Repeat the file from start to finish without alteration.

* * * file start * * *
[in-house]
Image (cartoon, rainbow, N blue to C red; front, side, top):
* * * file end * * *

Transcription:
[in-house]
Image (cartoon, rainbow, N blue to C red; front, side, top):